Around the Horn, March 2, 2020

Around The Horn” is a resurrection of a column from the early days of We take readers around the college athletics world, as it relates to Colorado State and the Mountain West Conference. This one is brought to you by Ginger and Baker, our incredible sponsor. Check out all of their different dining/events spaces, as well as their special events, cooking classes, and wine pairing dinners. 

Swoll observation. Steve Ivy’s recent blog noted how remarkable the Colorado State men’s basketball team’s 20-win season is considering the Rams regularly play four freshmen and two sophomores in their nine-man rotation. He pointed out that CSU is the 296th least experienced team in the country. Here’s how the rest of the Mountain West ranks in experience:

  1. SDSU 45
  2. USU 148
  3. Nevada 75
  4. UNLV 67
  5. Boise State 16
  6. New Mexico 19
  7. Fresno State 298
  8. Air Force 15
  9. San Jose State 233
  10. Wyoming 269

Rams recognized. The local MW media representatives’ votes are in, and Isaiah Stevens officially was named conference Freshman of the Year. He received nine votes, with teammate David Roddy and Fresno State’s Orlando Robinson receiving one vote each. Stevens started all 31 games this regular season (averaging 32.7 minutes per game), scoring 13 points and dishing 4.6 assists per game, with just 2 turnovers per game. He also was honorable mention all-conference (14 voter points), along with Roddy (6 voter points). Nico Carvacho was named second team all-conference (94 voter points), in a season where he broke the MW career record for rebounds (1,280) and double-doubles (48).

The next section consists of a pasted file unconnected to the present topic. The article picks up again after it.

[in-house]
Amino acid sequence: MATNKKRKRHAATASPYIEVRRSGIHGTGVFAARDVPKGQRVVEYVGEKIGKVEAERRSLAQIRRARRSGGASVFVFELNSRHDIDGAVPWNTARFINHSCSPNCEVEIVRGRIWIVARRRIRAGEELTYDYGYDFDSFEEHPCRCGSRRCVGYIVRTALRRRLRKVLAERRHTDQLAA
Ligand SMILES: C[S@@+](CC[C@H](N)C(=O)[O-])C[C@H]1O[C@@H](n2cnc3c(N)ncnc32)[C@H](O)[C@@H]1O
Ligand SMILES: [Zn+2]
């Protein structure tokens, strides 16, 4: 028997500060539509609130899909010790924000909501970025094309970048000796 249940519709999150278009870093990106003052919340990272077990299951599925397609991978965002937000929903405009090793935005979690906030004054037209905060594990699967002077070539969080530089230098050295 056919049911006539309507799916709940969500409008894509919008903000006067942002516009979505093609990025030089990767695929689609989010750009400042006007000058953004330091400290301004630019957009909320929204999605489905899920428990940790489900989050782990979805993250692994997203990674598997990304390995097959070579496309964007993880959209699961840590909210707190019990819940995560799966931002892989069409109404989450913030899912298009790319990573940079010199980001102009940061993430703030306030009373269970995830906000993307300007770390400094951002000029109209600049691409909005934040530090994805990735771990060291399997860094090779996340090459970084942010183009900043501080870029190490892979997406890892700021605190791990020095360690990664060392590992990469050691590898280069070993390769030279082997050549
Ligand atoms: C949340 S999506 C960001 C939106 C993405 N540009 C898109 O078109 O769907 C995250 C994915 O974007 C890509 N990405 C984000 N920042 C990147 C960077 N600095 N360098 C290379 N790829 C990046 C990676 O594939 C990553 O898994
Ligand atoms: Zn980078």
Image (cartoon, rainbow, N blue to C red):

San Diego State’s Malachi Flynn earned Player of the Year, Newcomer of the Year, and first-team all-conference honors. Aztecs’ coach Brian Dutcher was the unanimous Coach of the Year winner. Utah State’s Neemias Queta earned Defensive Player of the Year honors. The awards are a compilation of votes from media representatives from each conference member. Coloradoan‘s Kevin Lytle and the Loveland Reporter-Herald‘s Eddie Herz shared the vote for CSU’s market. 

Kmart value. It’s unfortunate there wasn’t a place for Kris Martin to be recognized. Martin showed selflessness this year when he was relegated to the first man off the bench in lieu of Roddy moving to the starting lineup. According to head coach Niko Medved, Martin never once complained and and showed leadership while more often than not giving the Rams a spark offensively and defensively. He was not eligible for the sixth man award, considering he started more games (17) than he came off the bench (14), but would have been a candidate with 7.5 points and 3.4 rebounds per game and his influential defensive play (26 steals, 10 blocks). Nevada’s Zouzoua, Nisré won the award with 9.5 points per game and 2.5 rebounds per game (and 15 steals, 3 blocks). 

Pure Madness. The National College Players Association released a statement this weekend asking the NCAA to consider holding its March Madness tournament “without an audience present” over concerns about the worldwide coronavirus outbreak. It also is suggesting such precautions as canceling special events that put players in direct contact with crowds and ensuring that team buses and airplanes are properly sanitized. The group noted that “Google just cancelled a summit in California and Amazon is encouraging its employees to avoid all nonessential travel because of coronavirus concerns. The NCAA and its colleges must act now, there is no time to waste.”